Saturday, September 16, 2017

In celebration of National Sewing Month

To mark September, national sewing month, I have contributed a small sewing project/gift to the C & T site.

Here is a picture of the final project:

And here is a link to the complete how-to's.

Such a fun project.

Wednesday, September 13, 2017

Baby gift sewing

Last week one of my nieces had her first baby. Alma is a most beautiful baby and after a slow entry into the world has pretty much delighted everyone.

Being long distance on this one I decided to make a baby gift. And being a practical sort of person I decided they most needed a diaper bag with many pockets and a changing pad thingy.

I found just the patterns I was looking for at Peekaboo, a nice company that does a good job with cool family patterns and accessories. 

Here are the patterns I used:

Both patterns were very easy to sew- the diaper changing clutch is one you can file away in the Insta Gift folder.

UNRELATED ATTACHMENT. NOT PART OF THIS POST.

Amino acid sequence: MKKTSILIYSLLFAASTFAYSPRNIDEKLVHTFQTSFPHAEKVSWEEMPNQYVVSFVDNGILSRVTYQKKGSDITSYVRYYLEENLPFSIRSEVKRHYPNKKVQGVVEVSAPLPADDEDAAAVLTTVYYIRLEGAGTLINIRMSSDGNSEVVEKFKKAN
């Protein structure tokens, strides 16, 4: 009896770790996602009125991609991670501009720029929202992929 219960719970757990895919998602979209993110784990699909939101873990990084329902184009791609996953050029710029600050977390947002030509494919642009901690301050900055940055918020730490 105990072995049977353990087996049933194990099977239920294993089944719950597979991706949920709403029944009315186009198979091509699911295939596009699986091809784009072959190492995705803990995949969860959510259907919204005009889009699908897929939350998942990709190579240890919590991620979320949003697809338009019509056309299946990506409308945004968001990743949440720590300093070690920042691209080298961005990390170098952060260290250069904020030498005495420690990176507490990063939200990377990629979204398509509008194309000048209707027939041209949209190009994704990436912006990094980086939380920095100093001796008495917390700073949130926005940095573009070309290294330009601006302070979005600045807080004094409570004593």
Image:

I used a denim for the exterior fabric and some laminated cotton for the inside. I interfaced all external pieces with a fusible woven and then added a fusible fleece on top of that for support, and in the case of the clutch, so the baby wouldn't be laying right on a hard surface.

I definitely have to make up a few of these clutches to have around for emergency showers or surprise babies. 

It was fun to sew something different!

Inside view of the bag, various open pockets, a key fob, a zippered pocket, and a magnetic closure

The set and although they are made of the exact same fabric they seem to look like they are not here. Interesting.

The clutch opened up with a pocket for diapers and wipes. I would probably turn this around if I was changing someone and lay their head on the pocket.

The clutch closed - even if you don't get involved in the whole diaper bag thing this clutch alone is pretty handy.

Side view of the bag showing one outside pocket and how the interfacing combo holds the whole thing up.

The other side with a different pocket, note all pocket tops are piped for support.

Sunday, September 10, 2017

Flypaper thoughts early change of season edition

  • It happened two weeks ago
  • That morning when it had that taste of fall in the morning
  • That definite marker of the change of season
  • As usual I am not ready for this